Equal distance/Interval :

Equal distance/Interval If for a measure the difference between any two consecutive categories of a measured attribute are equal then the measure is said to have equal distance. For example, in temperature readings the difference between 40 0 C and 50 0 C is same as between 60 0 C and 70 0 C. Similarly the Time measurement also follow the same property.

Fixed Origin:

Fixed Origin A measurement scale is said to have a fixed origin if there is a meaningful zero or absence of the characteristics. Examples are income of an individual, sales of a company, Profit of a company. etc. Zero income signifies absence of income, Zero sales signifies absence of sales

Types of Scales :

Types of Scales Nominal Scale : This scale is used to divide the population into various subgroups/categories or classes. It do not satisfy the other three properties mentioned above. It is termed as ‘nominal’, as though one may represent the categories using numbers , the numbers are just for namesake, they do not carry any value or order or meaning. Example: If we put up a question like ‘which type of vehicle is used for going to office ? The answer could be bus, car, motor cycle, auto etc. Numerical value can be assigned to classify these categories like 1,2, 3, 4. Sometimes codes are used for classification like STD codes for cities, codes for various subjects in a university etc. The data collected through a nominal scale is known as a nominal data.

2. Ordinal Scale:

2. Ordinal Scale A qualitative scale with order is called an ordinal scale. This scale possesses first two of the four properties of the scale , i.e. the properties of distinctive classification as well as order or rank like 1 st , 2 nd , 3 rd etc. The ordinal scale places events in order, but there is no attempt to make the intervals of the scale equal. For example, if in a class of students , the highest mark is 95 , next is 85 and the next is 84, converting marks to ranks will lead to 1,2, and 3. Incidentally, it may be noted that the difference in the performance of the 1 st ranker and 2 nd ranker is not the same as the 2 nd ranker and 3 rd ranker. Thus, one can only conclude that 1 st ranker has performed better than 2 nd ranker and 2nd ranker better than 3rd ranker.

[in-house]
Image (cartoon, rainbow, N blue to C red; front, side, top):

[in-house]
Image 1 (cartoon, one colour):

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The data obtained using ordinal scale is termed as ordinal data. Some examples are: ● Ratings of hotels, restaurants and movies. We can say 5 star hotel is better than a 4 star hotel, but we cannot say that a 4 star hotel is twice good as a 2 star hotel. ● Class of travel in a train or an aero plane. ● grades of students in a class.

3. Interval Scale :

3. Interval Scale A measurement scale whose successive values represent equal value of the characteristics that is being measured, and whose base value is not fixed, is called an interval scale. This is a quantitative scale of measure without a fixed or true zero. Some examples are temperature( Fahrenheit scale) , time, longitude, latitude etc.

4. Ratio Scale :

4. Ratio Scale Ratio scales are quantitative measures with fixed or true zero. Ratio scales has all four properties of scales that are described above. For example, a weighing scale is a ratio scale. Some other examples are height, price, sales, revenue, profit etc. In all these cases zero implies absence of that characteristic.